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I was going to mention Peter that if you plan on using it for long periods of time then the better ones like the Bosch or the DW I bought for my son will be kinder to your hands. The better ones have more weight and run smoother which produce a lot less vibration. You'll feel the difference right away. You might consider Hitachi too. Metabo and Hitachi just merged which may bring Metabo's price down. I own a Metabo jigsaw and it runs like a Swiss sewing machine. But it was on sale 30 years ago for $120 from the regular $170 when I bought it so not cheap.
 

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I have a Sears,POS jigsaw only use once I will give to you if you pay the shipping. Replaced it with a Makita cordless, that is a going concern, really nice til the battery runs down, but it comes with 2 batteries and a charger, Go top handle, unless you have big hands and like to keep them warm. watch out for the cord it is always in the way, cut mine off a few times, only takes a few minutes to re-splice the cord, after about 3 splices you will need a new cord or do like I did and just put a plug on at the handle. Be sure to get one that uses the Bosch tang blades like was stated above they really make a difference , cut thru cord w/o ruining the blade.

Herb
 

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Thank you all for the great suggestions. One thing that I have working against me is that some of the suppliers that have been mentioned do NOT sell / ship to Canada. One more question Barrel-Grip vs Top-Handle
The top handle sells better and the trigger makes it easier to control speed. The barrel grip gives better control of the tool but the power switch and thumb wheel are a separate operation. I was at a woodworking show a number of years ago and the Bosch dealer had both set up to play with. I bought the barrel grip. It is a personal choice, that is why both are still made. There is no best. Bosch has great blade stability for tight curve control. If you are using it instead of a circular saw to cut up plywood and 2×4s you will find it easier to cut straight with a circular saw. I bought mine before the battery powered stuff but for a jigsaw the first name is still Bosch, just like Milwaukee owns demolition saws (Sawzalls).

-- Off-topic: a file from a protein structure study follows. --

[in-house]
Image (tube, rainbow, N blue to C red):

Sent from my SM-G900V using Tapatalk
 

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Thank you all for the great suggestions. One thing that I have working against me is that some of the suppliers that have been mentioned do NOT sell / ship to Canada. One more question Barrel-Grip vs Top-Handle
My 2 cents on Barrel vs Top Handle. With a barrel grip you will have a lot more control e.g. it will be easier to cut a straight line. I have a Bosch which my wife bought on-line for me. I pointed to the barrel grip picture but she ordered the top handle tool. Of course I couldn't return it so what I do is hold it by the barrel and turn it on with my other hand. If I'm doing a cut that doesn't need to be too accurate I can use the top handle. I figure I have the best of both worlds. With the Bosch barrel heat has never been a problem. Not an inexpensive tool ($160 US) but it has worked great. Just another opinion.
 

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Discussion Starter #31
My 2 cents on Barrel vs Top Handle. With a barrel grip you will have a lot more control e.g. it will be easier to cut a straight line. I have a Bosch which my wife bought on-line for me. I pointed to the barrel grip picture but she ordered the top handle tool. Of course I couldn't return it so what I do is hold it by the barrel and turn it on with my other hand. If I'm doing a cut that doesn't need to be too accurate I can use the top handle. I figure I have the best of both worlds. With the Bosch barrel heat has never been a problem. Not an inexpensive tool ($160 US) but it has worked great. Just another opinion.